The significance for the writer of Hebrews is not that his genealogy is not mentioned at all.  Reading this from the perspective of first century Hellenism, this would be understood as a claim of divinity. The gods are sometimes described as “without mother or father.”  The idea that the Messiah would be “without descendants” or ancestors may have been suggested by Isaiah 53:8a “By oppression and judgment he was taken away. And who can speak of his descendants?” Because of this fact he is a worthy analogy of Christ, a priest from an order other than Aaron’s Levitical priesthood.  Jesus was a priest, but not in the line of Aaron, he was from this independent line of priests, like Melchizedek.

The danger of a “type” is in taking the analogy too far and creating an allegory out of the original text.  Types are analogies, and as such they have some parallels, but the analogy breaks down if you press it too far. The early church loved typological interpretation, pressing details for hard that they were allegorizing every minor element of an Old Testament story into a spiritual meaning for the New Testament era.  In an effort to get behind the text and find the hidden meaning, the obvious meaning of the text was lost. There is no basis for most of the interpretations, for example, any four colors represent the four gospels, etc.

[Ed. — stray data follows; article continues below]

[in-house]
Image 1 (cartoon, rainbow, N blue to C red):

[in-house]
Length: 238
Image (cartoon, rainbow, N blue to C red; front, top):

I find it troublesome to interpret stories from the Hebrew Bible as “types” today because I am not a prophet (nor the son of a prophet). Part of the problem is my Western “fear of allegory” as an interpretive method. Frankly, the writer of Hebrews would not score very high on a paper for my class using this sort of typological method. And that raises a question – what do we make of his argument about Jesus based on Melchizedek? His method was sound in the first century, but it is not really going to convince a modern skeptic.

Is there any way to use Hebrews 7 as a “guide” for interpreting scripture in a modern context?